This remarkable structure is the center of attention. It looks like a back of a dragon or dinosaur.
Here's a closer look.
The cross right beside it is believed to be the Lance of St George plunged into the back of the dragon.
Going to the attic, these clean but wider parabolic arches emerge again. 
Virtual Antoni Gaudi, the main man, is waiting for you.

Gaudi outdid himself with Casa Batllo. His imagination became concrete and tangible. It was unfortunate that during the latter years of his life, Gaudi seemed to have let himself go. Like most people with limitless passion and creativity, Gaudi might have reached an all time low. With his remarkable works and contribution to Barcelona and the world, Gaudi's sudden and manner of death did not suit him (He was ran over by a tram). Dressed like a homeless person, no one recognized this genius. For those who witnessed the tragic incident, little did they know that this man changed the course and history of Barcelona. 

Included in the UNESCO World Heritage Site List,  Casa Batllo is a fantastic way to escape and get wonderfully lost in Gaudi's creative mind. Whether you understand Gaudi's intentions or not, you cannot help but be in awe and say: "What a privilege it is to have seen his works!"

Paraphrasing Paolo Coelho, I'll now ask you: "Would it be better to keep passion at bay or surrender blindly to it? I say,  go and surrender! The next Gaudi might be you.

Entrance Fee: 18, 15 Euros. 

More of Gaudi's Famous Designs. (I'll have a separate post for both)

Park Guell. A park that is perfectly located on top of the mountain. There's no better place to say Barcelona than from up here.

Casa Mila (La Pedrera). Considered to be another innovative designs of Gaudi, this buliding can be found a few meters away from Casa Batllo.



JJ said...

We did not visit this when we went there. Sagrada Familia lang. Incredible!

Anonymous said...

Crisp,titillating,his structures reverberates that life is indeed, a dream and that every humans are the same with angels who tremble for so much beauty.

I am so grateful that I read your blog again. ~chanella

deobaraanmd said...

Hi chanella! I loved your comment. Very poetic and quite appropriate for this post.

Cheers! Thank You for reading again.

deobaraanmd said...

@jj - next time you should! :)

Gladys | WanderingTandem.com said...

weird looking Casa Batllo, but i also love the chandelier :) great photos :)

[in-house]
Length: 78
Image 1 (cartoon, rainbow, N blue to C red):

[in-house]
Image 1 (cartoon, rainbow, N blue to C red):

Debomy said...

awesome buildings!!!

deobaraanmd said...

Thanks Gladys!

@Debomy - all of Gaudi's works are amazing!

Mika said...

Looks like someone's in the mood to write again! Love the entire post - the place itself and AGAIN, the play with words!!! ;)

deobaraanmd said...

thanks mika! i find it hard to write sometimes. I have been having a down time myself. haha. Happy New year!

oscar heredia palomo said...

You wrote a remarklabe article!

But as Barcelonì gotta point two things:
1. Name of who bought the house was Josep (Batllò i Casanovas) not Josef.
2. When I studied Gaudì I have been told this theory: The cross is said to be the handle of St. George’s sword. This would make the turret the shaft of the blade. The roof is representative of the hard skin of a dragon’s back, and the façade is its soft underbelly. The sandstone columns are the bones of the dragon’s victims, so are the balconies, which are skulls. Thus, the entire façade is symbolic of St. George, the patron saint of Catalonia.
La Renaixença was the national art, politics and design movement that engaged Modernism into a national Symbolism. And Gaudì was mad about this symbols, repeating in all his heritage.

Ok I stop the masterclass.
Sorry. ;-p
See you soon.

deobaraanmd said...

Haha! thanks for your comprehensive input Oscar! I can probably add more of those details here! I know how proud you are of Barcelona. :)

Yes, Ill definitely see you soon!

Renz Alcantara said...

Barcelona is insanely amazing! One day I will go back and explore more and perhaps when Sagrada Familia is finally finished :-)

deobaraanmd said...

it's one of my favorite cities in the world! love love

Doc Wends of Journeys and Travels said...

I so love this post. It is one of my dream to visit Spain and these photos excites me more.

Cheers :)

deobaraanmd said...

Thanks Doc Wends! You will love it. I seriously want to live in Barcelona one day..and perhaps study there for a year.